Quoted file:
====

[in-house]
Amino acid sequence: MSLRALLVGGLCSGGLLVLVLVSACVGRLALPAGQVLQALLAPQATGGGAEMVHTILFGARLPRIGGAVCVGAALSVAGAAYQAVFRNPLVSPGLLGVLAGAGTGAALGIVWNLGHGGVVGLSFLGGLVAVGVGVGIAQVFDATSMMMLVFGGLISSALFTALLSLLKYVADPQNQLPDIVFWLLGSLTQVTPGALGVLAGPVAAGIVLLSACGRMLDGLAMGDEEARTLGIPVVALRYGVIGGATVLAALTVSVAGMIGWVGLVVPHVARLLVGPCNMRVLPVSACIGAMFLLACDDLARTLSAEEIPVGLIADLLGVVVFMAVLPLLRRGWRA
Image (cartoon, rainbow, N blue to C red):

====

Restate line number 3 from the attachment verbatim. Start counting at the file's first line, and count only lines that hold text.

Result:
Image (cartoon, rainbow, N blue to C red):